1 May 1992 A perspective on non-impact printing in color
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Use of color in the office and business environment is growing rapidly. In the 90s, color is becoming easier and less expensive to use and its application is moving from isolated color pages toward integrated color documents. Moreover, in parallel with this trend, color in documents is driving a paradigm shift from a text orientation to a pictorial and graphic one. Business applications cover a range of quality requirements for both full and highlight color documents. Non-impact printers for these applications are being manufactured based on numerous technologies, including xerography, thermal transfer, ink jet, thermal dye diffusion and even photography. We compare and contrast these technologies in terms of characteristics such as registration, image structure, color gamut, and stability. We then consider the systems impact of customer requirements such as ease of use and consistency of results across printers, demonstrating a need to hide the printer technologies and their differences from the system users. A need for standards in both the description of color documents in device independent form and in other aspects such as viewing conditions is discussed in this context.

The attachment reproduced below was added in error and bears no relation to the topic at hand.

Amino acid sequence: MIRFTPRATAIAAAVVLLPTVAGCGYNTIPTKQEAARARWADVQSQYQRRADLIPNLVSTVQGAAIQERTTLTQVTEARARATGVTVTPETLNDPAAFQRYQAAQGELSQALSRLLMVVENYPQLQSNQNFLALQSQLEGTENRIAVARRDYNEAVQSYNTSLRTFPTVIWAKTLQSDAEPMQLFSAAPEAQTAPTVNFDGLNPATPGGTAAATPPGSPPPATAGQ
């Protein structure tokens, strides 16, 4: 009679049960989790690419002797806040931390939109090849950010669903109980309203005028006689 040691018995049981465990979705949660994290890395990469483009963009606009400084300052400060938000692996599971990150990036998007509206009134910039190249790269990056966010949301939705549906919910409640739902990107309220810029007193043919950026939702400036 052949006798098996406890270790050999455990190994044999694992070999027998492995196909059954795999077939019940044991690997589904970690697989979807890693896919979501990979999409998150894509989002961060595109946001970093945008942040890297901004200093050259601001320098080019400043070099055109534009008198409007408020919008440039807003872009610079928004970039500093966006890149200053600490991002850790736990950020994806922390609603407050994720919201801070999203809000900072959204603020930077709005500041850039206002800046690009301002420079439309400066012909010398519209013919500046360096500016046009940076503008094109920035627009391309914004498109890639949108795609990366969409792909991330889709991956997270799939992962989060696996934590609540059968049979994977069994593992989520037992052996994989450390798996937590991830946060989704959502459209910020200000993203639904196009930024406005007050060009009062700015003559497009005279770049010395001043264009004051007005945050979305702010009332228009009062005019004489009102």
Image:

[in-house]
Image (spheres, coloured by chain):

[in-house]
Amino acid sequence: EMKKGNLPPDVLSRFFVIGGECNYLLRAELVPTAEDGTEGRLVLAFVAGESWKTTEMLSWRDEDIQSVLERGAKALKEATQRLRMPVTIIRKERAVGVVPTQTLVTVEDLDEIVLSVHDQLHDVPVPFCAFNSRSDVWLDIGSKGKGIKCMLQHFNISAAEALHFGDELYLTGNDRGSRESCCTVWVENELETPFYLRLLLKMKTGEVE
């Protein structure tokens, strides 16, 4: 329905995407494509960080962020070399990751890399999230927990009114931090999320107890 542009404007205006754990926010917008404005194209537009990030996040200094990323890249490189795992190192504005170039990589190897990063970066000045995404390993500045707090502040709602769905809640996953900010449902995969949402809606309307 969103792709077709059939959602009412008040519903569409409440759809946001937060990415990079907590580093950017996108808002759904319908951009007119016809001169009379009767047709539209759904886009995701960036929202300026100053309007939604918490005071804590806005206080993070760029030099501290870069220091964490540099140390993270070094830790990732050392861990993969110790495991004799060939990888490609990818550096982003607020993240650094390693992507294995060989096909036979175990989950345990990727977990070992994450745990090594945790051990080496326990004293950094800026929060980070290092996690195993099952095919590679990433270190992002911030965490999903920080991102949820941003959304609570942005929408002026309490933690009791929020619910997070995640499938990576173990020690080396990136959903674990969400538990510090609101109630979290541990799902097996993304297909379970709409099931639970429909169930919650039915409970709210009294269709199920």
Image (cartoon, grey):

© (1992) COPYRIGHT Society of Photo-Optical Instrumentation Engineers (SPIE). Downloading of the abstract is permitted for personal use only.
Steven B. Bolte, Steven B. Bolte, } "A perspective on non-impact printing in color", Proc. SPIE 1670, Color Hard Copy and Graphic Arts, (1 May 1992); doi: 10.1117/12.2322229; https://doi.org/10.1117/12.2322229


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